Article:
This year has been one of consolidation for the Loreto Normanhurst Archives. The bulk of the collection has been entered into a specialised database called “Archive Manger”. The use of this program enables more efficient management of the school’s records and artefacts. Consequently, time can now be given to a variety of tasks including research and advocacy. For example, this year a comprehensive record of all the winners of the Music Festival since its inception in 1972 has been completed.

This year at whole school meetings, staff have enjoyed learning about IBVM Sisters who have helped to weave the story of Loreto Normanhurst. These women were dedicated and courageous people who should be honoured for their commitment to educating and caring for their students. In Term 2, we  learnt about  Mother Crescentia, and I share her story with you here.

Mother  Crescentia was a  brave woman who came to Australia all the way from Ireland in December, 1900 to become a Sister of the IBVM. She taught English Literature, French, Music and even Etiquette. During the Depression, Mother Crescentia worked very hard to build up student numbers at Cooparoo. One method she employed was to wait at the school gate each morning, greeting parents and girls walking past as a strategy for encouraging new students to join the school. She also managed to win the State ‘Casket’ after a former student from Marryatville sent her a ticket. Mother Crescentia actually won first prize and gave the 5000 pounds to the school. It was used to construct a new 3 storey building which is to this day, known as the ‘Casket Building’.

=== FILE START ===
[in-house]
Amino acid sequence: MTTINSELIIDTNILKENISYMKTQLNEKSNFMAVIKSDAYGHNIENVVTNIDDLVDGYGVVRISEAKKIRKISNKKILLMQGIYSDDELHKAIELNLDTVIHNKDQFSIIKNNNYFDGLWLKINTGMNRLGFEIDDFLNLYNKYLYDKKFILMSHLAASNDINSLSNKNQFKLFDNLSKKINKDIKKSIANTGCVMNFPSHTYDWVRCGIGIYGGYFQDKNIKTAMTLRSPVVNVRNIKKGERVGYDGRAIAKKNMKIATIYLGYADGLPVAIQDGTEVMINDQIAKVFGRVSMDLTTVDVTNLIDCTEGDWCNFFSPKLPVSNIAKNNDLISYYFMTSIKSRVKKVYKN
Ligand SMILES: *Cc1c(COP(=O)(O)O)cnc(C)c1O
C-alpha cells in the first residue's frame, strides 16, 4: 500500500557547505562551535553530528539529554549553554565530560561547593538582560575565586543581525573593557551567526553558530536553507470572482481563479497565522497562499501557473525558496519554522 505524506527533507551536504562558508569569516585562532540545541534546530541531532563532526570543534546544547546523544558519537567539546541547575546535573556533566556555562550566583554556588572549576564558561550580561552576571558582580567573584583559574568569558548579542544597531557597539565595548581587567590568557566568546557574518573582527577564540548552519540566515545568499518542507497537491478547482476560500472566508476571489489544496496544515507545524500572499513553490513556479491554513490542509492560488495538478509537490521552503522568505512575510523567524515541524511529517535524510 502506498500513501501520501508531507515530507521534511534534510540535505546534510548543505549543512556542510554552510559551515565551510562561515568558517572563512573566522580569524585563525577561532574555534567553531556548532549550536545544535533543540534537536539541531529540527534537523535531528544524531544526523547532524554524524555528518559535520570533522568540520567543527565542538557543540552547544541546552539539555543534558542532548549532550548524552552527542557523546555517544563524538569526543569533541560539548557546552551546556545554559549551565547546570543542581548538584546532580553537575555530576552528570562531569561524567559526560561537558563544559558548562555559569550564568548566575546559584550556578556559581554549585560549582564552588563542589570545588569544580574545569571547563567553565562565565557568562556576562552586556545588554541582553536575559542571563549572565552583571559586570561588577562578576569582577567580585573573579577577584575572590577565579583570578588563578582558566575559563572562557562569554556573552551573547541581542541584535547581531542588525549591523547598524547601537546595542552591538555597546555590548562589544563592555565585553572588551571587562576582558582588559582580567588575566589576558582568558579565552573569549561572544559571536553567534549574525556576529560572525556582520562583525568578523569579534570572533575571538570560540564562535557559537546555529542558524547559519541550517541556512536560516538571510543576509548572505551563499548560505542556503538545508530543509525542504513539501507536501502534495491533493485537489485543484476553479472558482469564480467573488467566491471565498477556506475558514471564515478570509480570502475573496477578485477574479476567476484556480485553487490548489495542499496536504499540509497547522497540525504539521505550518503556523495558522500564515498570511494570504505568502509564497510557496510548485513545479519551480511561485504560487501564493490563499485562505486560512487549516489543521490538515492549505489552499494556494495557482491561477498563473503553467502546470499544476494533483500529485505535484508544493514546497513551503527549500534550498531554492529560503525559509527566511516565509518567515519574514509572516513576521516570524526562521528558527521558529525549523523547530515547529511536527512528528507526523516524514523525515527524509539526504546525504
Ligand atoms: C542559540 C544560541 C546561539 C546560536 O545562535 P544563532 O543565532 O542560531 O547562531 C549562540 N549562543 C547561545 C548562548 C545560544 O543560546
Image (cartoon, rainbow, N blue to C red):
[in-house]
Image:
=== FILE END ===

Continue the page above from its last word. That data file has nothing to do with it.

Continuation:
Throughout her time at Normanhurst, Mother Crescentia became known for her story-telling skills. When blackouts occurred during war time, she often found herself caring for girls doing their lessons. She would pass the time by drawing on her Irish heritage, telling the girls spell-binding ghost stories until the power came back on. It is said that her cautionary tales would often begin with ‘Close the door! Shut the windows! Nothing I say is to go out of this room! I knew a girl once who….’ Mother Crescentia remained at Normanhurst until she died at the age of 74 in 1955. She is buried in the bush cemetery on the school grounds.

In 2016, Sister Frances Browne IBVM   has been engaged in a number of issues. Primarily, she has been working on the life of Mother Clare Birrane IBVM who was the Superior (Community Leader today) of Loreto Normanhurst from 1948–1954 and in 1961, and the Bursar and Assistant Superior from 1971–1986. During her first years as Superior, Mother Clare upgraded the Loreto Junior School, built the Senior School classrooms in 1952 and the Chapel of the Sacred Heart in 1953. The classrooms which she built are currently the offices of the Administration staff which is known today as the Birrane Wing. During her time as Bursar, Mother Clare’s office was beside the Boarders’ Dining Room where parents, teachers and nuns visited very frequently. She was an amazing person who helped many families with financial assistance and was a trusted advisor to all who knocked on her door. Much of the information on Mother Clare has come from other Loreto Sisters, ex-students, research through old Loreto Magazines, newspaper articles, own memories of her and the small pieces of information which she had written down for various reasons.

Sister Frances was also invited to the Year Seven Traditioning Day and also to the Primary School to talk to the girls about the long history of this challenging and justice-orientated school. In addition, time has been spent finding information for former students who are looking for photos of their their mothers or grandmothers.  Sister Frances also assists staff members and students with any historical matters they might request.

In 2017 the Loreto Normanhurst community will be celebrating 120 years of transforming young girls into independent, articulate and compassionate women of integrity. Consequently, there will be many more opportunities ahead to celebrate the lives and stories of the women who have become an integral part of the unique fabric that is Loreto Normanhurst.


Mrs Rowena Curtis

Records Manager and Archivist